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The “market” for our hymnal

A friend recently asked me, “What is your target market for your hymnal?”

It’s a fair question. In the modern Christian hymnal publishing industry, editors have a target market in mind, and they choose to include songs that are commonly sung in that market so that they can sell hymnals. Usually, they aim for a relatively large market. Hymnal publishers usually take surveys, poll hundreds of churches, and include a wide variety of people on the editorial committee. The result is that modern hymnals usually include 700 songs or more so that everyone’s favorite songs are included, making the hymnal more marketable. This makes sense–producing a hymnal takes thousands of hours and thousands of dollars to complete (as we have come to experience over the past two years ourselves!). In order to recover publishing costs, publishers need as many churches as possible to buy the hymnal.

So it’s a valid question: What is the target market for our hymnal?

This is going to sound really cliched, but the target market of our hymnal is embedded in the title of the hymnal: Hymns to the Living God.

In every stage of the process of producing this hymnal, we have intentionally not made any decision based upon who or how many people would purchase the hymnal. We have not taken any surveys, had any particular churches or denominations in mind, and have a relatively small and non-diverse editorial committee of likeminded individuals. Our intention from the beginning is to produce a hymnal that includes some of the best hymns available in the English language.

We are doing this because we want to produce something that is good, not something that we can sell to a large number of churches. We desire to produce a hymnal that includes songs that truly honor the Lord in doctrinal integrity, poetic excellence, and musical quality. We have not simply chosen the favorite songs of the editors or certain kinds of churches; we have chosen what we believe are the best songs based on a number of carefully considered criteria. We have rejected some things we personally like and included things we’ve discovered that we didn’t before know. The result will by no means be perfect–hymnals are meant to be revised; but our desire has been to produce something truly good and enduring.

This is why we have raised money for this project through donations rather than hoping to make our financial investment back through sales. It is also why we are making all of the hymns (and eventually even a PDF of the hymnal) available for free download.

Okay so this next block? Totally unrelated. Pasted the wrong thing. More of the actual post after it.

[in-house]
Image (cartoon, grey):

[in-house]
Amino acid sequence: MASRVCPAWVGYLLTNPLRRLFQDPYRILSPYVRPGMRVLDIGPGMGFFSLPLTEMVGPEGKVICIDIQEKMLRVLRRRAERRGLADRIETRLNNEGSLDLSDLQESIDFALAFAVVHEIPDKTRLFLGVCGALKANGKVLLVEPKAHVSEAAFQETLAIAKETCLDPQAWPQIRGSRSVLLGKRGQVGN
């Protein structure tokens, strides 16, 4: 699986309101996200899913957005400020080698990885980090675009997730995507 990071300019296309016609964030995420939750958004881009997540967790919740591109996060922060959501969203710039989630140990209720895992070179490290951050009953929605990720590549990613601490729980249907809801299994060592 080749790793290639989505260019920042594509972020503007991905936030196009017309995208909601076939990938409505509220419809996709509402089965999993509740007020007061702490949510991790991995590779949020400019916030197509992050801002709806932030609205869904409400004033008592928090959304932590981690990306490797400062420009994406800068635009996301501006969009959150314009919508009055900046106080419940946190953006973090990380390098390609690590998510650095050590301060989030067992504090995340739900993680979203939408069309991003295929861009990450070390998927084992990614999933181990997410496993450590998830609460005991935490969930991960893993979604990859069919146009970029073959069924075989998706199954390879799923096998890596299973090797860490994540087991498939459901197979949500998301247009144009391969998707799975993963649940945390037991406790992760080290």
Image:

Now, having said that, we hope churches buy the hymnal! We want this to be used by individuals, families, and churches. Hymns are meant to be sung, and we hope people will use this hymnal to sing about and to the Lord.

It is also not exactly accurate to say that we do not have a target “market” beyond “the Living God.” Our “market” is in some ways very narrow, essentially people who would affirm The Conservative Christian Declaration. In other ways our “market” is very broad. We have collected hymn texts and tunes with sources ranging from ancient Israel, North Africa, Syria, Greece, Italy, Germany, France, Spain, England, Scotland, Ireland, and America, covering a time period extending from the second century B. C. through 2017. Translations into English come from sources originally written in Hebrew, Greek, Latin, German, French, Spanish, and more. This collection is truly universal in its scope.

Ultimately, this hymnal is “to the Living God.” It is our prayer that it will also be used by many families and churches.

About Scott Aniol

Scott Aniol is the founder and Executive Director of Religious Affections Ministries. He is director of doctoral worship studies at Southwestern Baptist Theological Seminary, where he teaches courses in ministry, worship, hymnology, aesthetics, culture, and philosophy. He is the author of Worship in Song: A Biblical Approach to Music and Worship, Sound Worship: A Guide to Making Musical Choices in a Noisy World, and By the Waters of Babylon: Worship in a Post-Christian Culture, and speaks around the country in churches and conferences. He is an elder in his church in Fort Worth, TX where he resides with his wife and four children. Views posted here are his own and not necessarily those of his employer.

4 Responses to The “market” for our hymnal

  1. Amen! I wish fewer decisions would be made based on the “market” and more decisions based on what we believe is right and true before God. The “numbers” game is very tempting for all of us. Thanks for your leadership on this!

  2. Hi, Robert. We have no plans to do shaped notes at this time. This project has been a huge undertaking; I can’t imagine the work it would take to add shaped notes! :) Sorry!

  3. Thanks, Scott. I understand the size of the task and the problem, but thought I would check. The round notes make the tunes generally not very useful in our church.

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